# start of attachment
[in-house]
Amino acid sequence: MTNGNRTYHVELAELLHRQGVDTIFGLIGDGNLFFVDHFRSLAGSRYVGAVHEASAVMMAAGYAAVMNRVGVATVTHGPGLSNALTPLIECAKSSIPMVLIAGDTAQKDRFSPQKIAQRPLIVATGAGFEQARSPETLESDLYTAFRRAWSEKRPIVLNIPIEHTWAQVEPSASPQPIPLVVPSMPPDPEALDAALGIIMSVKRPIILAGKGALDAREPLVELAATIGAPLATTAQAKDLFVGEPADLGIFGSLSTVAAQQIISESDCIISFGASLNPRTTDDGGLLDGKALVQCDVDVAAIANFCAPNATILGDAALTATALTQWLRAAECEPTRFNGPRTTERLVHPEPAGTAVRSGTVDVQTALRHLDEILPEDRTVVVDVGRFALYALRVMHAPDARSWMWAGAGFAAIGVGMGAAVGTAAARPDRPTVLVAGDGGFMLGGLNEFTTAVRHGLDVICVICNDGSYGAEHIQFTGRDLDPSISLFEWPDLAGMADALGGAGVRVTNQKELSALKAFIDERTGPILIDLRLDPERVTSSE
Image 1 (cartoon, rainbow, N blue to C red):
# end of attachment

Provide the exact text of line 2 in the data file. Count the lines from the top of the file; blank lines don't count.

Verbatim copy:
Amino acid sequence: MTNGNRTYHVELAELLHRQGVDTIFGLIGDGNLFFVDHFRSLAGSRYVGAVHEASAVMMAAGYAAVMNRVGVATVTHGPGLSNALTPLIECAKSSIPMVLIAGDTAQKDRFSPQKIAQRPLIVATGAGFEQARSPETLESDLYTAFRRAWSEKRPIVLNIPIEHTWAQVEPSASPQPIPLVVPSMPPDPEALDAALGIIMSVKRPIILAGKGALDAREPLVELAATIGAPLATTAQAKDLFVGEPADLGIFGSLSTVAAQQIISESDCIISFGASLNPRTTDDGGLLDGKALVQCDVDVAAIANFCAPNATILGDAALTATALTQWLRAAECEPTRFNGPRTTERLVHPEPAGTAVRSGTVDVQTALRHLDEILPEDRTVVVDVGRFALYALRVMHAPDARSWMWAGAGFAAIGVGMGAAVGTAAARPDRPTVLVAGDGGFMLGGLNEFTTAVRHGLDVICVICNDGSYGAEHIQFTGRDLDPSISLFEWPDLAGMADALGGAGVRVTNQKELSALKAFIDERTGPILIDLRLDPERVTSSE